fbpx

The Young Mayor of a Small Midwestern City is Favored to Win the Democratic Nomination for President! Really?

POLITICS--Bill Kristol declared the Democratic race for President as between Bernie Sanders and Pete Buttigieg. At a Des Moines town hall, his campaign planned for 50 people to show up; 1600 did. According to a CNBC analysis, Buttigieg has become a top recipient of bundled contributions from Democratic campaign donors. It looks like this guy is for real.

According to the Las Vegas oddsmakers, the favorites to win the Democratic nomination for President are, in this order, Sanders, Harris, Buttigieg, Biden, O’Rourke and Yang. Note that only one of these candidates is a woman, Kamala Harris.

To me, this is unbelievable considering the amazingly impressive group of female candidates participating in this race. Consider the fact that you have four women who represent major states in the U.S. Senate running, only one of whom is considered viable, according to the oddsmakers.

Elizabeth Warren is a former professor of Harvard Law School who is widely acknowledged as an expert on wealth inequality. She has aggressively focused on policy, and she perfectly represents the views of most Democratic activists. We say we want candidates who focus on the issues, yet she does not appear among the top six candidates.

Kirsten Gillibrand represents Hillary Clinton’s old seat in the U.S. Senate. She is a former member of Congress who represented a Republican district, and she has an impressive legal resume. Yet she does not appear among the top six candidates.

Amy Klobuchar is a Senator from Minnesota who, prior to her election, was named Attorney of the Year by Minnesota Lawyer magazine. Neither she nor Tulsi Gabbard, a Congresswoman from Hawaii who was among the few establishment figures to support Bernie Sanders in 2016, are viewed as viable candidates.

Contrast this impressive list with those who are favored. You have Bernie Sanders, a 77-year old Socialist from Vermont who isn’t even a Democrat. You have Joe Biden, who has repeatedly lost in multiple prior Presidential races, and whose campaign this year has been a fiasco before he has even announced that he is running. You have Beto O’Rourke, a little-known Congressman from Texas whose views are far to the right of most Democratic activists, and who lost a campaign for U.S. Senate against the most hated man in the Senate.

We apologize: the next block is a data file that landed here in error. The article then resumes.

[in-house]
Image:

Then you have Andrew Yang. Even with my interest in politics, I knew next to nothing about him.

I have to admit that I have been impressed with Buttigieg as have so many Democrats. He is an impressive individual who would be a credit to our country as President. But let’s also be real. He was the mayor of a small city in the Midwest, South Bend, IN, with 102,000 residents. I was the Deputy Mayor of a larger city in Michigan, and my boss, Mark Steenbergh, was a very impressive individual as well. Nobody’s talking about a Steenbergh for President campaign, though.

The truth is that we are very early in the race at this point. If you look at two recent polls, Biden leads one while Sanders leads the other. Buttigieg, as a viable candidate, is now facing some vetting that has not been favorable. Among the other candidates, O’Rourke, Buttigieg, Harris and Warren are all within the margin of errors of each other. At this point, four years ago, Hillary Clinton had just announced her candidacy, and neither Bernie Sanders nor Trump were even being talked about as candidates. A lot will change over the next year.

This fact just emphasizes how much of the discussion about who’s a viable candidate is based upon misogyny. When we think of a President, we still think of a white man. If for no other reason, this is why I favor electing a woman. But right now, the discussions about who is viable or not involve a small group of political commentators. There is virtually no input coming from the real America, or even Democratic activists.

This problem would be purely academic if we did not live in a system where money matters so much. Even Bernie Sanders is furiously raising money. The reality is that many donors want to give to the winner, so predictions by the talking heads about who’s ahead can become self-fulfilling, as people try to donate to the politician who is viewed as the most viable. Right now, that politician is likely to have a penis.

 

(Mike Greiner is an Assistant Professor of Management for Legal and Ethical Studies at Oakland U. Mike combines his scholarship with practical experience in politics. He posts at Medium.com.)

-cw